Cyclophilin A, dynein light chain 3, and HIV-1 capsid: Defining elements of host-pathogen interactions and roles in viral replication

Angela Conde, Thomas Jefferson University

Abstract

HIV-1 capsid (CA) binds to cyclophilin A (CypA) and enhances viral replication via unknown mechanism(s). To gain insight into these mechanisms, we generated a series of CA mutants, measured binding affinity for CypA, and assessed effects on viral replication. An E98D mutant was unaffected for CypA binding and HIV-1 replication in all cell lines tested. E98Q and H87Q mutants exhibit a similar reduction in affinity for CypA. E98Q and the CypA-nonbinding mutant G89A/P90A (AA) were defective for replication in TZM-bl and CEM-GFP cells, but H87Q exhibited a replication advantage over wild-type (WT) in the same cells. Despite observed replication defects in CEM-GFP and TZM-bl, which exist at or before reverse transcription, E98Q and AA were fully competent for replication in Jurkat T cells. The observed cell-type specificity cannot be solely attributed to CypA expression and suggests that differential expression of other cellular factor(s), rather than defects in CypA binding, accounts for the observed phenotypes. Analysis of gene expression data enabled identification of differentially expressed candidate genes that may promote viral infectivity. One such gene, dynein light chain 3 (DYNLT3, also known as RP3), is overexpressed in CEM and TZM-bl cells relative to Jurkat cells. siRNA-mediated knockdown of RP3 in TZM-bl cells negatively affected HIV-1 replication of WT HIV-1, as well as all CA mutant HIV-1. We have demonstrated that CypA and RP3 cooperatively promote disassembly of oligomerized full-length WT CA. Thus, we have identified RP3 as a novel member of the CypA-HIV-1 CA complex, which, along with CypA, likely enhances viral replication in part by mediating uncoating of CA.^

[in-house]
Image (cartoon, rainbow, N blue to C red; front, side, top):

Subject Area

Chemistry, Biochemistry|Biology, Virology

Recommended Citation

Angela Conde, "Cyclophilin A, dynein light chain 3, and HIV-1 capsid: Defining elements of host-pathogen interactions and roles in viral replication" (January 1, 2012). ETD Collection for Thomas Jefferson University. Paper AAI3503758.
http://jdc.jefferson.edu/dissertations/AAI3503758

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